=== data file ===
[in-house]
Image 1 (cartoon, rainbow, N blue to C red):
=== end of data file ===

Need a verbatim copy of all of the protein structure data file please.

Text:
[in-house]
Image 1 (cartoon, rainbow, N blue to C red):